In her new book, Resilient Agriculture: Cultivating Food Systems for a Changing Climate, Laura Lengnick assumes a dispassionate, businesslike tone and sets about exploring the farming strategies of twenty-seven award-winning farmers in six regions of the continental United States. Her approach gets well past denial and business-as-usual, to see what can be done, which strategies are being tried, and how well they are working.
One could loosely say this is a “how-to” book but it is more of an “existential” how-to: how to get yourself into a way of thinking about the world of working horses. Maybe we need to explain what a working horse is. A working horse is one, in harness, given to a specific task. So, in that context, the book illustrates the many ways Miller has worked with his equine partners over the years – helping them understand what he wants them to do, as both work together to create relationships that help achieve desired goals.
Over 40 years Lynn Miller has written a whole library of valuable and indispensable books about the craft of working horses. He has helped beginners acquire the basics of harnessing and working around horses, and has led those further along to focus on the specific demands of plowing, mowing, haying and related subjects. But, in a fitting culmination, his latest book, The Art of Working Horses, raises its sights and openly ponders secrets at the heart of the work that may over time elevate it to an art.
When you introduce new animals to an established herd or flock, you should observe your dog’s reactions and behavior for a few days. Since he will be curious anyway, it is a good idea to introduce him to the new animals while he is leashed or to place the new animals in a nearby area.
Mixed with sand, water, and straw, a clayey-subsoil will dry into a very hard and durable material; indeed, it was the first, natural “concrete”. In the Americas, we call it “adobe”, which is originally from the Arabic “al-toba”, meaning “the brick.” Invading Moors brought the word to Spain from North Africa, where an ancient mud building tradition continues today.
Every farmer knows that when a crop is grown on the same field year after year, it becomes inferior in quality and the yield steadily diminishes.
Book Review – The New Horse-Powered Farm by Stephen Leslie: Working with horses is not something you can learn exclusively through watching DVD training videos and attending workshops and seminars. These things and experiences can be very useful as auxiliary aids to our training, but they cannot replace the value of a long-term relationship with a skilled mentor.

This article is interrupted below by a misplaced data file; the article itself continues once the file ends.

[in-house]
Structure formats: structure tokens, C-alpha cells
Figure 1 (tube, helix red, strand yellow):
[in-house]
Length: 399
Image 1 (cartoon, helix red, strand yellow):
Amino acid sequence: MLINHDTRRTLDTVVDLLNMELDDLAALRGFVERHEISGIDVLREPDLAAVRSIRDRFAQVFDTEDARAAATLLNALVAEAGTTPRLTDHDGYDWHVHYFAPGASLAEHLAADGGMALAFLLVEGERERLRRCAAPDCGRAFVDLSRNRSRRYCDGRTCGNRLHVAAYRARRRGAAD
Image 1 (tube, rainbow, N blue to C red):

From Dusty Shelves: A World War II era article on grassland farming.
Illustrated guide to basic blacksmithing techniques, an excerpt from Blacksmithing: Basics For The Homestead.
Illustrated guide to the wood stove and it’s accoutrements.
Because the venting requirements for a wood stove are different than for a fireplace you need to retrofit a stainless steel chimney liner. A liner provides the draft necessary to ensure that the stove will operate safely and efficiently.
Where the soil is soft, loose, and free from stone, posts may be driven more easily and firmly than if set in holes dug for the purpose.
Here is a peek into the pages of Horsedrawn Plows and Plowing, written by SFJ editor and publisher Lynn R. Miller.
Book Excerpt: The invention of barb wire was the most important event in the solution of the fence problem. The question of providing fencing material had become serious, even in the timbered portions of the country, while the great prairie region was almost wholly without resource, save the slow and expensive process of hedging. At this juncture came barb wire, which was at once seen to make a cheap, effective, and durable fence, rapidly built and easily moved.
Gary Paul Nabhan’s book “WHERE OUR FOOD COMES FROM: Retracing Nikolay Vavilov’s Quest to End Famine” (Island Press, 2009) is a weighty tome, freighted with implications. But as befits its subject it is also portable and travels well, a deft exploration of two trips around the world, that of the author following in the footsteps of a long-gone mentor he never met, the Russian pioneer botanist and geneticist Nikolay Vavilov (1887-1943).
When hitching to the mower, first make sure it’s on level ground and out of gear. The cutter bar should be fastened up in the vertical or carrier position. This is for safety of all people in attendance during hitching.
You might think that your new farm is fenced all wrong, or that a certain tree is in the wrong place, or that a wet area would be better drained, or that this gully would make a good pond site, or that a depression in the road should be filled, or that the old sheds should all come down right away. Well maybe you’re right on all counts. But maybe, you’re wrong.